Rachel Podger held her violin (well, one of the four she brought on stage) aloft, to show us the two middle strings reversed below the bridge.
Rachel Podger (violin), Biber Rosary Sonatas 3 * * * * *
Rachel Podger held her violin (well, one of the four she brought on stage) aloft, to show us the two middle strings reversed below the bridge. They formed a cross, and it was the most extreme of the symbolic demands that early Baroque composer Heinrich Biber made in his mystical Rosary Sonatas charting the life, death and resurrection of Christ.
Those crossed strings were there for (what else?) ‘The Resurrection’, the first sonata in Biber’s closing set of ‘Glorious Mysteries’ celebrating the wonders after Christ’s crucifixion. But the composer’s unconventional requirement also meant, as Podger wittily explained, that it was a pain to play, simply because most of her notes were now in the wrong places. But that was all part of Biber’s plan too.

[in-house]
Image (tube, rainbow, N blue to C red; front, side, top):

There’s no avoiding lengthy periods spent setting up and adjusting instruments with these works. But Podger took us inside the processes, explaining the challenges behind the music, but also showing her abundant enthusiasm. Her performances, accordingly, were sublime: fresh, spontaneous, lithe, with each sonata occupying its own sound world and with its own vivid character. Marcin Swiatkiewicz on harpsichord and organ and Daniele Caminiti on theorbo supplied graceful, incisive continuo, and Podger’s closing ‘Guardian Angel’, for violin alone, proved a beautifully thoughtful conclusion to her three concerts, its immovable bassline speaking of a steadfast, reassuring presence.